During the month of May, Australians are asked to take a stand and paint their middle fingers as a statement against the harmful culture of body shaming. Your middle finger can make a difference to someone’s life and have a positive impact on society’s approach towards negative body imaging. The Butterfly Foundation encourages everyone to have a more positive approach towards body imagining.
Launching on 6th May, The Butterfly Foundation’s new inaugural fundraising campaign, Don’t DIS My Appearance takes a stand against appearance-based judgment and to help fight eating disorders.
In 2014, approximately 1 million people suffered from eating disorders in Australia. The Butterfly Foundation aims to create a world that celebrates health, well-being and diversity.
Butterfly CEO, Christine Morgan, says negative body image – often perpetuated by the experience of being judged and shamed by others – can be a contributing factor to developing an eating disorder.
“Painting your middle finger is a cheeky and symbolic way of saying, I am more than my appearance, and no-one has a right to judge me based on how I look.
“By supporting the Don’t DIS My Appearance campaign, you are taking a stand against appearance based judgment and helping to affect positive change for those living with an eating disorder,” continues Ms Morgan.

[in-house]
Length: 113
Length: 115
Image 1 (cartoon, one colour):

New to Australia FABY Nails has chosen to support the Butterfly Foundation because we believe in positive body imaging. Commenting on the alignment, General Manager of FABY Nails Australia, Karon McKendrick-Taylor states; “Many people use nail polish to express themselves and their emotions and we believe this campaign is perfectly aligned with FABY’s brand values towards positive imaging.”
FABY will donate 100% of profits from online sales of selected nail lacquers sold during the month of May 2015.
Celebrities have also taken part in the campaign including TV personality Andrew O’Keefe, actress Brooke Satchwell, journalist Tracey Spicer, 2015 Queensland Young Australian of the Year, Yassmin Adbel-Magied, social commentator Jane Caro, media personality, Joe Hildebrand; rugby union greats, Peter FitzSimons and Nick Farr-Jones; television presenters, Justine Clarke and Jay Laga’aia; and artist, Ken Done.